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Innovation Leadership in Education

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Dealing with the 21st Century Teaching and Learning to produce Life long Learners to cope with current and future demand where Change is the only Constant now.

Dealing with the 21st Century Teaching and Learning to produce Life long Learners to cope with current and future demand where Change is the only Constant now.

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  • In recent years, some schools of education have charted new direction in the mission and purpose of their graduate leadership preparation programs and used innovative approaches to student selection, content, instructional strategies and field experiences to address new priorities for leadership.
    Inter-institutional collaborations in program delivery and evaluation drives these new directions and forms of innovation.
  • Transcript

    • 1. Nov29 – Dec1 Baguio City, 2013 PHILIPPINES
    • 2. Course Outline   21st Century Teaching and learning  Innovation Leadership in Education  Nov29 – Dec1 2013 Introduction Leadership, Innovation and Why Educational Innovation? 7 Steps to becoming an Innovative Leader  18 Steps to Better Educational Innovation Leadership (Advice from Christensen’s Innovator’s DNA)
    • 3. Innovative Leadership and its formal preparation is the most recent focus in education reform to improve schools to serve all children well. In recent years, schools have charted new direction in their graduate leadership preparation programs using innovative approaches to student selection, content, instructional strategies and field experiences to address new priorities for leadership. Inter-institutional collaborations in program delivery and evaluation drives these new directions and forms of innovation.
    • 4. Example: To be the center of excellence, renown internationally for Innovative Educational Leadership exceeding expectation of 21st Century National Standards put forward By the Teacher Training Agency
    • 5. Leadership Definition Leadership : described as “a process of social influence  in which one person can enlist the aid and support of others in the accomplishment of a common task”. Good leaders- made not born. Effective leader- desire and will power through a never ending process of selfstudy, education, training, and experience (Jago, 1982). To inspire your workers into higher levels of teamwork, you must:- -be, know and, do. These do not come naturally, but are acquired through continual work and study. Good leaders continually improve their leadership skills; they are NOT resting on their laurels.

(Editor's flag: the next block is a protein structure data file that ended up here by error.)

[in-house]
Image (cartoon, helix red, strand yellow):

• 6. Innovation means first different, then better. That is, innovating is a fundamentally different way of doing things that result in considerably better, and perhaps different, outcomes.  Both the 'different' and the 'better' must be significant and substantial. 
    • 7. ‘‘But if you define innovation as doing things radically differently rather than just doing them well, right now many of the best charters are triumphs of execution rather than Innovation’’. Washor's piece for The Huffington Post,  published in October, 2009:
    • 8. When it comes to education, what does the word innovation mean to you?
    • 9. Innovation in Education “Personally I feel that innovation in education should be defined as making it easier for teachers and students to do the things THEY want to do. These are the innovations that succeed, scale and sustain.” – Rob Abel, USA
    • 10. Innovation in Education Educators need to think of innovating as those actions that significantly challenge key assumptions about schools and the way they operate. Therefore, to innovate is to question the 'box' in which we operate and to innovate outside of it as well as within.”
    • 11.  If we redesign schools to get better results on 20th-century outcomes, our students will be poorly served.  Innovation requires risk and it requires patience -most inventions that are commonplace today are the results of thousands of iterations based both on success and failure.
    • 12. While many of the charter schools and charter organizations are making huge improvements in traditional outcomes for students, most are not new or different.  Many of the proposed improvements in teacher education and evaluation, student assessment, and school design in traditional public schools do not seem to be novel.  Yet the challenges that we face in improving learning and life outcomes require true innovation.  As Washor states, We need solutions that are both different and better.
    • 13. Driving Innovation and Collaboration Innovations are commonly thought of as new and game changing. However, many innovations are improvements on something that already exists. It is important to create a culture of innovation within your organization, which means supporting productive failure. The stages Cycle of Innovation will help your organization become successful in identifying new ideas, implementing and integrating them into your operations. You must engrain this cycle into the DNA of your
    • 14. Blink! . . ten years pass by.  It’s now end of 2013!.  A brand new generation of institutional leaders is taking the reins.  The world has continued to shrink and is much smaller. Technology continued an unabated, unchecked progression; what is now futuristic has become commonplace.  Complexity is the daily norm, and CHANGE the only constant.  Opportunities, problems and grand challenges abound.